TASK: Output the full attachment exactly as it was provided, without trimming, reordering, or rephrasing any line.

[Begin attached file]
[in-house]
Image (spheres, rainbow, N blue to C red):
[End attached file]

[in-house]
Image (spheres, rainbow, N blue to C red):